Kidney friendly alternative to Atripla without Efavirenz
May 7, 2012
I have mile but worsening protein in my urine for about 5 years. Went ahead and started Atripla anyway. The CNS side effects are too much for me to deal with even months down the road. My question - Can you suggest an alternative to Atripla which is more kidney friendly than the Tenofovir and without Efaverinz ? Thanks so much for all you do. Michael
Response from Dr. Young
Hi Michael and thanks for posting your questions and comments.
You raise several important topics.
First, is the understanding that while the medications in Atripla are widely recommended and are listed as "preferred" in current US treatment guidelines, that for some people a DHHS "alternate" regimen might actually be preferred.
So, in regard to your kidney function, many would probably avoid the use of tenofovir in patients with significant kidney problems. This could be because of low blood flow through the kidney (low glomerular filtration rate, or GFR) or because of significant problems with protein leakage into the urine. Current guidelines suggest the use of abacavir (Ziagen, part of Epzicom/Kivexa) for patients in whom tenofovir might not be appropriate. Genetic screening (HLAB5701 testing) is recommended to ensure low risk of developing abacavir allergic reactions. A substitution from tenofovir to abacavir (or other alternate) might be expected to decrease the risk of ART-induced kidney problems. Abacavir doesn't come in a single tablet regimen as is tenofovir, but could be used as part of a low pill count (2-4 daiily) regimen.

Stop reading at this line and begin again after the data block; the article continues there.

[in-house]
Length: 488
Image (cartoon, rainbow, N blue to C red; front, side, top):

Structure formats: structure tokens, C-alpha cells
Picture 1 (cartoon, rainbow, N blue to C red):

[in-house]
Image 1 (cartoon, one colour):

The other issue you raise is that of efavirenz intolerance. While the psychological side effects of efavirenz are usually mild and fade with time, for some patients, the persistence of unwanted side effects is a reason to consider a change. Current treatment options would include the use of a boosted PI (atazanavir or darunavir are "preferred") or integrase inhibitor (twice daily raltegravir). Alternate agents would include other PIs, the NNRTIs nevirapine or rilpivirine or the CCR5 inhibitor, maraviroc. Which one to use is a mater of discussion with your health care provider about their relative merits and limitations, but all would be expected to combine into a very well tolerated (and efavirenz-avoiding) regimen for you.
For more information about these medications, I'd suggest looking at TheBody.com's Resource Center for Starting HIV Treatment.
Be well, BY
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